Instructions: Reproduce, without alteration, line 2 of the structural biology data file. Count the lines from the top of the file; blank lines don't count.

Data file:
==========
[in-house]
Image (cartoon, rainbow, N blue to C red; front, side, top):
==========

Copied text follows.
Image (cartoon, rainbow, N blue to C red; front, side, top):